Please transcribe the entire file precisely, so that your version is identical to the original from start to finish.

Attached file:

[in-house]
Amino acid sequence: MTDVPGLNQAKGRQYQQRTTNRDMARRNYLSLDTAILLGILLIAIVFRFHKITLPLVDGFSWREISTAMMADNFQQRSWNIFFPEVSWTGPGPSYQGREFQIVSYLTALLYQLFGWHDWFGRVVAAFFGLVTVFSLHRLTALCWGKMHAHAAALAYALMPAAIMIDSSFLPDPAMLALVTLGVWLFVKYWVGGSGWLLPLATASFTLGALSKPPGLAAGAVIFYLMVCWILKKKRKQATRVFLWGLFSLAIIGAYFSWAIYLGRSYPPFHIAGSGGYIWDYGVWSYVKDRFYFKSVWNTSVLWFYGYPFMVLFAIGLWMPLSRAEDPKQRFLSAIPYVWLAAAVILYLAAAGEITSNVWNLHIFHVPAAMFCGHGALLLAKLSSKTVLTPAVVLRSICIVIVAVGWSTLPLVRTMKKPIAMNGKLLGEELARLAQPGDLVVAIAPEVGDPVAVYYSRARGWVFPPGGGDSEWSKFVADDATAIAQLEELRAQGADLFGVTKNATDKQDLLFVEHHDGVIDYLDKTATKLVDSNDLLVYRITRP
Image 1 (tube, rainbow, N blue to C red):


[in-house]
Amino acid sequence: MTDVPGLNQAKGRQYQQRTTNRDMARRNYLSLDTAILLGILLIAIVFRFHKITLPLVDGFSWREISTAMMADNFQQRSWNIFFPEVSWTGPGPSYQGREFQIVSYLTALLYQLFGWHDWFGRVVAAFFGLVTVFSLHRLTALCWGKMHAHAAALAYALMPAAIMIDSSFLPDPAMLALVTLGVWLFVKYWVGGSGWLLPLATASFTLGALSKPPGLAAGAVIFYLMVCWILKKKRKQATRVFLWGLFSLAIIGAYFSWAIYLGRSYPPFHIAGSGGYIWDYGVWSYVKDRFYFKSVWNTSVLWFYGYPFMVLFAIGLWMPLSRAEDPKQRFLSAIPYVWLAAAVILYLAAAGEITSNVWNLHIFHVPAAMFCGHGALLLAKLSSKTVLTPAVVLRSICIVIVAVGWSTLPLVRTMKKPIAMNGKLLGEELARLAQPGDLVVAIAPEVGDPVAVYYSRARGWVFPPGGGDSEWSKFVADDATAIAQLEELRAQGADLFGVTKNATDKQDLLFVEHHDGVIDYLDKTATKLVDSNDLLVYRITRP
Image 1 (tube, rainbow, N blue to C red):